Three hours and four minutes until sunset and in this minute the sunlight is flooding the back room of our apartment, at least as much as the Christmas tree in the window will allow it to.
It’s the shortest day of the year. I am stretched on a couch that’s not a bench, which is luxurious and also leaves a pit in my stomach. This couch retails for more than we paid for our old station wagon, but there were Black Friday discounts and a credit card to help cover the costs. Choosing comfort is not always comfortable.
On the table, papery bronze paperwhite bulbs appear to levitate above the bowl I’ve placed them in. They’re balanced on a handful of rocks I scooped from the landlord’s garden, and their white roots have dug themselves deep into the water, insurance against gravity and the steady growth of their bright green shoots. Silas notices that the tallest ones have opened their blossoms first. Probably because they get the most sun, he says, and I nod and say yes. Probably.
In the evenings after dark, my kids barrel into the apartment, elephants on the stairs that are covered in brown linoleum and trimmed with aluminum strips. The walls are painted to the halfway point, a kind of trompe l’oeil marble that gets rubbed with puffer jackets and static-y hair as one child tries to squeeze past the other. My stomach lurches thinking of someone falling backward in the melee. I meet the ruddy-cheeked elephants with a reassuring smile and let my stomach settle as I kiss the cold tops of heads.
The movers who delivered our couch probably tried to be careful, but there was rain and a double-parked truck and that old staircase with a turn in it. The box was ripped open, the couch was squeezed over the threshold and the slip cover snagged. We’ll send a new one, the couch company said. As if it were nothing. As if we hadn’t saved up and debated and wondered if a couch were a thing we deserved. We’ll keep the snagged couch and a deeper discount which has helped the pit in my stomach and the credit card bill, both.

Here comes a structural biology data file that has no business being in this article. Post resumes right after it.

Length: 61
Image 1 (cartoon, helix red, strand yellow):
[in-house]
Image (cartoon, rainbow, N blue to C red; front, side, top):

On nightly walks to pick up Calder from daycare, I pass a building where my four times great grandmother lived for a time at the turn of the last century. I know lots about the ancestral ghosts and angels that walk these city sidewalks with me, but I hadn’t realized there was one lingering so close. On the evening when I learned the news, I passed her building, and saw a man propping open the front door. Four times great-grandmother, I said. I live down the street. I just found out.
He invited me in, which is the kind of thing New Yorkers whose shell you crack even a little will do, and together we climbed the curving wooden staircase to the second floor. In a niche at the turn in the stair—a spot claimed to be carved out for accommodating heavy furniture, or coffins, or both—stood Our Lady of Guadalupe. Her hands were clasped in prayer, her golden aureole blossoming behind her head, a solid layer of dust at her feet. The building had just been sold, the man told me. The old woman who lived in this apartment had just died. Who knows what will happen next, we agreed.
Fourteen minutes and thirty-four seconds until sunset. The sky above the buildings is orange and golden, the last brilliant rays of today’s last light.
Comfort sought and found, not always in the places where we expect it.
Lovely, so lovely!
Show us the couch! Haha all I kept thinking was-you’re telling us how expensive it was, I want to see what it looks like!
Also-such beautiful writing. Happy solstice!
So beautiful, thank you. It makes me want to go back to writing. Something I did a long time ago for money and then not long enough for love before I stopped.
And paper whites! The first time I arranged their bulbs on the table, my then middle-school-aged son strode in the house and asked what was with that bowl of onions.
Enjoy those elephants!
Lovely, Erin. But wait. Five times like great-great-great-great-great grandmother? The turn of which century? I feel like that would bring my back to the 1700s?
Nope! Lives are not so long! She was an old woman at the turn of the 20th century!
Actually just ran through it again! My four times; kids’ five times! Still!
Wow! My great grandmother lived at the turn of the century, my grandmother being born in 1910!
The first time i saw paperwhites was 1994 in a house in Brooklyn! My love and I were both Aupairs at the time. I lived with a family in Chicago and he in Brooklyn and i had send him some bulbs because I liked that word “paperwhites”.